Kansas City Chiefs

Kansas City Chiefs: What Moving to Wide Receiver Means for Dexter McCluster

KANSAS CITY, MO - SEPTEMBER 26: Dexter McCluster #22 of the Kansas City Chiefs celebrates with Chris Chambers #84 after a 31-yard touchdown reception against the San Francisco 49ers at Arrowhead Stadium on September 26, 2010 in Kansas City, Missouri. The Chiefs won 31-10. (Photo by Joe Robbins/Getty Images)
Joe Robbins/Getty Images
Farzin VousoughianContributor IIIMay 24, 2012

Ever since the Kansas City Chiefs drafted Dexter McCluster out of Ole Miss in 2010 in the second-round, fans were curious to see how he would be used. He was listed as a running back, but the Chiefs wanted his primary duties to come in the receiving department.

Last year McCluster carried the ball 114 times, after getting the ball on the ground only 18 times the season before. This was due to a thin backfield when Jamaal Charles was lost for the season in Week 2 with a torn ACL. He saw less time as a receiver, catching only 46 passes.

In his career playing on offense with the Chiefs, McCluster has caught 67 passes and ran 132 times while also handling responsibilities on special teams. Although he has great speed, it has not worked his way.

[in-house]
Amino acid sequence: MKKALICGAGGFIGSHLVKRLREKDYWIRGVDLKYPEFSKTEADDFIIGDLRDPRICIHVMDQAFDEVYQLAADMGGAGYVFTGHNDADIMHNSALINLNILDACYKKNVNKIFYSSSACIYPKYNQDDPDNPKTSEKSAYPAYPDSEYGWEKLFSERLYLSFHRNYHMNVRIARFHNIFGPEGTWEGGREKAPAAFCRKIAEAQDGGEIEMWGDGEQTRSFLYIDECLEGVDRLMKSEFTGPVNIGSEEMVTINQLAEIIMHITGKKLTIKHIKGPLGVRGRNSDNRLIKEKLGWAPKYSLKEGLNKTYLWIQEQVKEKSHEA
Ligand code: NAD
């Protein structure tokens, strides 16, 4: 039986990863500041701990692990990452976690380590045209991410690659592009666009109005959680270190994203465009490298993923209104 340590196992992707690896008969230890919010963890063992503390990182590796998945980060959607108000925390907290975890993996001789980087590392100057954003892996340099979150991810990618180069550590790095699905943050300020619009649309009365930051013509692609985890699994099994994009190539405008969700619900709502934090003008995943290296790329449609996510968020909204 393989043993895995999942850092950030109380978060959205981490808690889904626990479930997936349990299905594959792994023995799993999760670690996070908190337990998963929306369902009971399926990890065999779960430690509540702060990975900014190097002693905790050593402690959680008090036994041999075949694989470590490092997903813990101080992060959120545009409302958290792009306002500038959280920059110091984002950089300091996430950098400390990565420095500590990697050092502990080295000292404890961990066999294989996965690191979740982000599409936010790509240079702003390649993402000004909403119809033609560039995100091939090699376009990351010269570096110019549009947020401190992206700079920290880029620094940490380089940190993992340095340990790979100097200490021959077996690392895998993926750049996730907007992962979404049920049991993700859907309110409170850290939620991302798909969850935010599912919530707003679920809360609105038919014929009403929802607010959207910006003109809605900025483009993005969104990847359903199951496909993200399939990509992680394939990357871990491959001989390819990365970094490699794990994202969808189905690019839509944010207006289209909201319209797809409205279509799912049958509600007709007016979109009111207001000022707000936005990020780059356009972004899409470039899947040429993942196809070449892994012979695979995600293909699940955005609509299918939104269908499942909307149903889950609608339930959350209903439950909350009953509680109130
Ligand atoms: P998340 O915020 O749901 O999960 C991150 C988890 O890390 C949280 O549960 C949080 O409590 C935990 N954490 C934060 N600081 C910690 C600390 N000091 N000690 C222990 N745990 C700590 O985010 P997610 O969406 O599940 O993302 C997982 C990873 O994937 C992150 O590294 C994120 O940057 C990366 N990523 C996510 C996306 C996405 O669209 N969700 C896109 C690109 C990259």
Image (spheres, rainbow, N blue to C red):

Today, Chiefs head coach Romeo Crennel confirmed with the media that McCluster is the team's wide receiver. The Chiefs appear to be comfortable with Charles, Peyton Hillis and rookie Cyrus Gray as their running backs, but that does not mean McCluster won't get a carry or two per game.

What is most interesting is that the Chiefs have Jonathan Baldwin and Steve Breaston at wide receiver. The team hopes to have Dwayne Bowe back soon as he is currently under the team's franchise tag. The Chiefs also drafted two receivers in Devon Wylie in the fourth round and Junior Hemingway in the seventh round.

It is doubtful the Chiefs plan on placing McCluster ahead of Bowe, Breaston and Baldwin on the depth chart. Although it is early in OTAs, McCluster's future with the team is beginning to be questioned more and more. A second-round pick behind multiple players is not something most franchises should be content with.

Where can I comment?

Stay on your game

Latest news, insights, and forecasts on your teams across leagues.

Choose Teams
Get it on the App StoreGet it on Google Play

Real-time news for your teams right on your mobile device.

Download
Copyright © 2017 Bleacher Report, Inc. Turner Broadcasting System, Inc. All Rights Reserved. BleacherReport.com is part of Bleacher Report – Turner Sports Network, part of the Turner Sports and Entertainment Network. Certain photos copyright © 2017 Getty Images. Any commercial use or distribution without the express written consent of Getty Images is strictly prohibited. AdChoices